The world is currently so chaotic and unintelligible that you yearn to see someone like Ole Gunnar Solskjaer bring Manchester United back to where Sir Alex Ferguson left them.
He does his shopping at the local food store in Hale Village, refers to Ferguson’s methods he observed and noted in his diaries, and kisses his young players in a way that tells them their struggles are his struggles. .
But fundamental cuteness alone will not support Manchester United, nor restore Old Trafford to what they like to call, without irony, the Theater of Dreams.
Ole Gunnar Solskjaer has had his moments as a manager but it looks like the writing is on the wall
Manchester United crashed out of the Champions League in the group stage on Wednesday
But Ed Woodward, currently on his fourth manager in six years, is the architect of this chaos
Solskjaer has had his moments as a manager, although they are invariably followed by a scrappy night like the one in Leipzig on Wednesday and this once-great club ends up where it started.
The role played by Paul Pogba in Germany was a paradigm of the illusory pursuit of progress. You rejoiced when this most narcissistic and selfish player was left on the bench, 24 hours after making it known he was aiming for a better club than United. But then, after an hour of football. Solskjaer brought him in anyway.
In Leipzig, as at Southampton and West Ham, the game was only half-time when Solskjaer reversed his strategy, changing formation and introducing Donny van de Beek. United’s performances in the first half are too often dismal. Solskjaer doesn’t always seem to know what he’s doing.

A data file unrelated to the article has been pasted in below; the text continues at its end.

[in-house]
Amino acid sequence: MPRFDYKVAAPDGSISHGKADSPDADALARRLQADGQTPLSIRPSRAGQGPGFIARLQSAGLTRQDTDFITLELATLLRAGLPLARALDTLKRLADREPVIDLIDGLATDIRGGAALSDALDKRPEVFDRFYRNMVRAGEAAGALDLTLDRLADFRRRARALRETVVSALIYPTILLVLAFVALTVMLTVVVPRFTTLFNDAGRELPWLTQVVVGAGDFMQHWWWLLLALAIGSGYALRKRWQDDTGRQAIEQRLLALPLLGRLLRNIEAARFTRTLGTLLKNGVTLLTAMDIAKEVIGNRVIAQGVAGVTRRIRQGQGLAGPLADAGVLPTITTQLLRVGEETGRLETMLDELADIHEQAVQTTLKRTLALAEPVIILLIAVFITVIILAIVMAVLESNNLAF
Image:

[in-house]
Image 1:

He has more steel than you sometimes think, as Ferguson has always attested. “You usually can’t give a player an advantage if he somehow didn’t gain it as a teenager,” said the Scot.
“But every once in a while there is an example that gives you hope. Ole Gunnar Solskjaer comes to mind.
Still, it’s not the kind of metal that has a player living a bit on the edge, in that state of competitive tension that Ferguson has managed to engender.
United have been in decline since legendary manager Sir Alex Ferguson was at the helm
Images of United players arriving for their day at the spa following the humiliation at Burnley’s hands last season told us how lost this great institution has become.
The summer signings of Van de Beek, who barely played, and Edinson Cavani, 33 on his final payday, confirmed everything we know about the lack of a plan.
This is by no means Solskjaer’s fault. Ed Woodward, currently on his fourth manager in six years after burning up to £ 750million, is the architect of this chaos.
But the idea of Solskjaer doing something to narrow the yawning gap between this club and Liverpool seems more far-fetched by the day.
Solskjaer, who took over from Jose Mourinho, doesn’t always seem to know what he’s doing
An alternative is, of course, available. It was he who, as Tottenham Hotspur manager, spoke to Ferguson at Scott’s establishment in Mayfair four years ago to taste a £ 114 bottle of Brunello di Montalcino. “The best coach in the Premier League,” that was how Ferguson described Mauricio Pochettino at the time.
His arrival would not be the panacea for success. Pochettino left Tottenham abruptly due to President Daniel Levy’s refusal to invest as he saw fit.
He would make demands on Woodward, insist on a substantial degree of control over the transfer market, expect to get what he wants.
But few United members will deny their hearts skipped a bit when he appeared, looking relaxed and healthy, on Sky Sports’ Monday Night Football last month.
“My energy is full,” said Pochettino. “We always try to create a style of football and identity, so that the fans can feel proud. ”
He, not Solskjaer, seems more capable of delivering United from the fog of the post-Ferguson era.
Mauricio Pochettino seems more capable of delivering United from the fog of the post-Ferguson era